Project detailsProject type: Urban, Workplaces
Location: Cincinnati, Ohio, United States
Lighting Design: Eco Engineering
Photographer: Josh Beeman
At Cincinnati City Hall, lighting engineers Eco Engineering used Lumenbeam luminaires to enhance the architecture of the 127-year-old building, all while reducing energy consumption by 84%.
After looking at other manufacturers’ efficacy, we felt that Lumenbeam fixtures were the best choice. They had the right mix of performance and sustainability, and their low profile was a huge advantage, letting us hide the fixtures from view.Matt Minard
Cincinnati City Hall
Listed on the National Registry of Historic Places, Cincinnati City Hall has been an iconic Ohioan structure since 1888. To reduce soaring energy usage, and refresh the building’s nighttime presence, the city of Cincinnati turned to local lighting engineers Eco Engineering.
“The building’s lighting setup was very costly, with 38 assembly poles holding 2 to 6 fixtures each, for up to 4000 watts a pole. The priority therefore was to reduce energy use,” said Matt Minard, Lighting Engineer at Eco Engineering.
“But we also wanted to enhance the façade of the building, which had been lit in a way that threw light into windows, and gave the building a cold, bland appearance,” he said.
Eco Engineering replaced 1000W and 400W high-pressure sodium floodlights with sleeker, more sustainable Lumenbeam Xlarge and Grande luminaires. The switch reduced energy consumption by 84%, cutting over 265,000 pounds in annual carbon dioxide emissions.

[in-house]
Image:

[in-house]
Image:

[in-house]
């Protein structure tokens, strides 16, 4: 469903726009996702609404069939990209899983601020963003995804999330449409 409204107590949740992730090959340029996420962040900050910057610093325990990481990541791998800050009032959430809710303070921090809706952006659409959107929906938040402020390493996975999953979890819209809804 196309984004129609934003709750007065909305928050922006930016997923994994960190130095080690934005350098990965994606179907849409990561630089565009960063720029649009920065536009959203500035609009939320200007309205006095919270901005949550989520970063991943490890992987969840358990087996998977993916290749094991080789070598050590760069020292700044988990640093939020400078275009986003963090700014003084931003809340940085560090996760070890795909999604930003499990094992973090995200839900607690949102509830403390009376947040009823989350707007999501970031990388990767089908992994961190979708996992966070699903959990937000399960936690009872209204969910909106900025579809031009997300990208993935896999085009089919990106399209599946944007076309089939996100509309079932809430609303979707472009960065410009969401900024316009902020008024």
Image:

“Lumenpulse’s work with historical buildings was an inspiration for the design, and after looking at other manufacturers’ efficacy, we felt that Lumenbeam fixtures were the best choice. They had the right mix of performance and sustainability, and their low profile was a huge advantage, letting us hide the fixtures from view,” Minard said.
To accent the architecture, Eco Engineering decided to floodlight the façade in warm 3000K light.
“The building has a lot of character, which we wanted to emphasize with contrasts and shadows. It also has natural stone terracotta finish that is distinctive and I wanted to render that at night. Instead of grazing, and running cable around the building, we went with a floodlighting approach to provide uniform light, which we carefully aimed to avoid hot spots and glare inside,” Minard said, adding that luminaires are mounted on the same assembly poles as the original design.
“We did a one for one swap, but with the efficiency and distribution of the Lumenbeams, we could significantly reduce the total wattage,” he said.
Subtle and practical, the new LED lighting design has slashed energy consumption; all while giving the building a fresh new look.
“The savings are huge, but more importantly, the building has a whole new lease on life,” Minard said.
“It’s phenomenal to see.”
34 x Lumenbeam LBX (3000K, 40°)
28 x Lumenbeam Grande (3000K, 40°)